My morning hikes into the canyons of Torrey Pines State Beach often take the form of a walking meditation. As I trudge up the hill to the top, I’m thinking about all the ways life has been unfair. How much of a struggle things are. In my head is nothing but static and noise. I allow myself to vent about all the frustration and anger and unfairness of life, things that make life feel like an uphill battle and which are standing in the way of my making it to the top. I might even talk aloud to myself about it or let out a few choice words directed at someone with whom I am upset. It’s taken me a while to learn how to let these upsets flow through me without judgment.
As I reach the top of the hill, and begin walking down the trail to the beach, the path is winding and uneven. I have to pay attention to each step. I practice staying in the moment as I make my way down the hill through the canyons. I am captivated by the beauty of the light rising on the trees, the smell of rosemary and sage, the sight of the ocean where pelicans and dolphins await.
Just before I reach the ocean, I stop at my special perch, take a deep breath and behold the beautiful, awe-inspiring ocean with an entire world beneath its surface. By the time I get down to the beach, my mood is one of gratitude. I think about every single thing, even the tiniest, most microscopic thing that I have to be grateful for; the love of my earth and angel daughters, my family and dear friends; for the ability to do the work I do, my health, the kindnesses people have shown me, all that is good and right in the world, the majesty of nature, to be able to walk on this beautiful beach and, of course, for my life.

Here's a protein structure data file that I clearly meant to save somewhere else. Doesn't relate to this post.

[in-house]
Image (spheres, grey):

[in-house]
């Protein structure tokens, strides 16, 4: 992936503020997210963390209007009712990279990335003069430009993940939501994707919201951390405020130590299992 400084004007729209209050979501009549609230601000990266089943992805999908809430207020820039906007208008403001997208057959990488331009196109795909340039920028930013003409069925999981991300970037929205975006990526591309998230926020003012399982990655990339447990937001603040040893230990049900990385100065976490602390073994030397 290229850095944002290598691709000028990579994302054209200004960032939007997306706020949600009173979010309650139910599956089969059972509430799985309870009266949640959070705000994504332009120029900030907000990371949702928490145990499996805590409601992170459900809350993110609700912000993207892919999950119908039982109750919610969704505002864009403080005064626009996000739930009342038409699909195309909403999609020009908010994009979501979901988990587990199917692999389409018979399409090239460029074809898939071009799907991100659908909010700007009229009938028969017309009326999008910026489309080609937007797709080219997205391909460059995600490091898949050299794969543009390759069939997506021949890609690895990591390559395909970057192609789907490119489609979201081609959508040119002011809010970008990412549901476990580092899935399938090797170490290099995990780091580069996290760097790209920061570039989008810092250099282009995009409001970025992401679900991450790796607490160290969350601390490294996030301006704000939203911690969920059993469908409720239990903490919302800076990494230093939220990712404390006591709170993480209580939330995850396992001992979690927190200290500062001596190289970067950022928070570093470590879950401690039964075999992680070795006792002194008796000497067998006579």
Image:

Giving thanks for things great and small, I am sometimes brought to tears. There is such beauty and abundance, at any given moment, all around us . . . if we simply open ourselves up to it.
As I make my way home from the beach, I’m often struck by the reality that I can’t just open myself to one side; life is a package deal. Only when I open to life’s cruel and brutal unfairness and its miraculous fairness can I begin to make peace with life as it really is.
As we move into the season of gratitude, it can be challenging to adopt an attitude of humility in life’s most unfair moments, but each of these tasks will help move you in the right direction:
- Start each day by taking a moment to reflect on the gifts and blessings, hardships and setbacks, in my life
- Remember to breathe and allow the feelings wash over me like water when I’m upset and have suffered a setback. Let them come without judgment . . . and then, let them go.
- Allow the seeds of hope to take root in even the most unexpected of places—like a tender green plant sprouting from under a boulder.
- Use what I have learned to support a friend who is currently facing a hardship, since our personal losses forge us into stronger, more empathetic supporters for our family and friends.
Life isn’t fair . . . but it’s more than fair at the same time.
Sometimes genuine hopefulness comes from the hardest moments in our lives—a phoenix rising from the ashes of our loss. As 13th-century poet Rumi wrote, “Grief can be the garden of compassion.”
Ken Druck, Ph.D., founder of The Jenna Druck Center in San Diego, is a grief and resilience expert, speaker, organizational and family consultant, and award-winning author of several books including, The Real Rules of Life (Hay House). Follow Ken’s blog or find him on Facebook.
Images by Lisette.
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